Saturday, October 25, 2014

Histoires de Parfums - Blanc Violette (perfume review)

After the debacle that was Histoires de Parfums Vert Pivoine, I wasn't sure if I wanted to try another Histoires de Parfums scent right away. Especially with the L'Artisan Parfumeur samples calling my name. But I gave it 2 days and was ready to tackle another HdP.  I had 5 options left - 1886 Moulin Rouge, Blanc Violette, 1826, Tubereuse 1 Capricious, and Tubereuse 2 Virginal. I went with Blanc Violette mainly because I'd recently read a comment on another blog where someone claimed to love it the most out of the HdP lineup. 


Photo from Histoires de Parfums Press Downloads

Unlike with Vert Pivoine, I was not blasted with fragrance upon my initial spray. I gave it only one spray lest I be bombarded with the scent of another pickled vegetable, but fortunately that did not come to pass. I let the singular spray dry and then had to lift the scent to my wrist to smell it. The opening felt floral (perhaps this is what violets smell like, but I have never smelled a violet, so I do not know) and high pitched. Flowers obviously don't play instruments - but when I smelled this it sang to me like a high instrumental note. It wasn't quite soft enough to be a flute and not full enough to be a clarinet, but perhaps oboe would be fitting. A high note played on an oboe. It was pleasant and a bit soapy. After about 2 minutes I actually gave it another spray to smell it better.

After about 5 minutes, the high note settled down and mellowed into what smelled to me like a low octave soapy almond accord. For a brief second I got the faintest touch of pepper, but it disappeared quickly and I was left with the soapy almond wrapped in just the slightest gauze of powdery amber. 

Around 30 minutes in, the scent felt even fainter, but conjured up cumin-like spices and earthy wood. Though it required dedicated wrist sniffing to smell it, the fragrance unfortunately never melded into my skin but sat above it kind of awkwardly.

At the 1 hour mark I started to get a whiff of sharp florals. While it didn't change the fragrance *that* much, it made the perfume feel a lot louder to my nose. Strangely, I couldn't smell the Blanc Violette at all unless my wrist was within 6-12 inches of my nose, but when it was, it was there and it was noticeable.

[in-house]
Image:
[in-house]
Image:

As the drydown progressed, the spicy earthiness quieted down to musky base while the sharp florals took center stage. They were screaming. At this point the scent was definitely too loud for my tastes but this may be awesome for a lover of big florals.

Overall, I enjoyed the opening of Blanc Violette and appreciated its soft and understated floral tones - especially after my experience with Vert Pivoine. Unfortunately the opening was short and as the scent transformed through the dry down, it wasn't my bag of tea. By the end the screeching florals become too sharp and way too strong for this nose. 

Interestingly, this was the first perfume my hubby actually didn't like (though to be fair I didn't have him smell Vert Pivoine). This may be telling as he's been an easy pleaser. He's liked everything I've sampled even when I didn't. Upon my frequent requests for opinions, he once asked "Don't ALL perfumes smell good? Isn't that the point of perfume?" I tried to explain that not everything necessarily smelled good, but he didn't believe me until today. 

-----

My rating of Blanc Violette: 2.5


1  -  - -  -  2  -  - X -  -  3  -  -  -  -  4  -  -  -  -  5
 Nausea/Gagging           Meh       Decent       Great         Olfactory Elation 

-----

Vert Pivoine as described by the Histoires de Parfums Press Kit:
powdered floral; fem.

The violet, from Parma or Toulouse, is delicate and discreetly opens out, revealing its powdered floral scent in all subtlety. An alchemy leaving a delicious imprint.


Top Note: Violet, Bergamot, Iris
Heart Note: Violet, Ylang-ylang, Star Anise
Base Note: Violet, Sandalwood, Vanilla, Musk, Rice Powder


Perfumer: Gerald Ghislain

-----

Looking at the notes, I didn't get much bergamot, star anise or vanilla. Vanilla would have definitely been welcome to tone down the florals at the end. I'm not sure where I got soapy almond or amber but one reviewer on Luckyscent got cheap chemical movie theater butter so I'm happy with soapy almond! 

Have you tried Blanc Violette?  If you have, what was your take on it?

No comments:

Post a Comment

Thanks for participating!